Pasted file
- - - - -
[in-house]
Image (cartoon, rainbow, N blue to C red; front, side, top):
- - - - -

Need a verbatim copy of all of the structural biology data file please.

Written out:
[in-house]
Image (cartoon, rainbow, N blue to C red; front, side, top):